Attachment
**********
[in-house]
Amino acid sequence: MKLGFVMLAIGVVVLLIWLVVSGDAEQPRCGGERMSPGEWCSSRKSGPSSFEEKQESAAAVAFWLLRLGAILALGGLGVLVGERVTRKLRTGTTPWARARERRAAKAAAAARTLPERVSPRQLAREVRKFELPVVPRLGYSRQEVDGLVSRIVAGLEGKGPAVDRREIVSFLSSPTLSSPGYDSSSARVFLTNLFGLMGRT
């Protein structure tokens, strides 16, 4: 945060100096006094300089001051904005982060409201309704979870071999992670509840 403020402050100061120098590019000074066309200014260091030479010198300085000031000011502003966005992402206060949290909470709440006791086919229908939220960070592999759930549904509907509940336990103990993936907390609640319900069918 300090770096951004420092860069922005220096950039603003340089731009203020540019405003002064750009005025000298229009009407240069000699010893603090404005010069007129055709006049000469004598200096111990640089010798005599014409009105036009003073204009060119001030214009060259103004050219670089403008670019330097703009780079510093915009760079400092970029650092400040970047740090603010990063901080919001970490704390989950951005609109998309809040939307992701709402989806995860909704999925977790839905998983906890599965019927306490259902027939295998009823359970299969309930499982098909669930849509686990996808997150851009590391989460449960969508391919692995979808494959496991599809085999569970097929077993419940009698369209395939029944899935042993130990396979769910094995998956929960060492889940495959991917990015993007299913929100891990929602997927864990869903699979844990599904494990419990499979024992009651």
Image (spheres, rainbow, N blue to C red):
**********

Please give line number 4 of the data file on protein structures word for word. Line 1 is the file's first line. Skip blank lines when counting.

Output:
Image (spheres, rainbow, N blue to C red):